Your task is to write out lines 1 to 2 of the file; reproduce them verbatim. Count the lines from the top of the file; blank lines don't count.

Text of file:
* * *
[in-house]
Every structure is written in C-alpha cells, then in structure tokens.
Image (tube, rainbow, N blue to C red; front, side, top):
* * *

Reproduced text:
[in-house]
Every structure is written in C-alpha cells, then in structure tokens.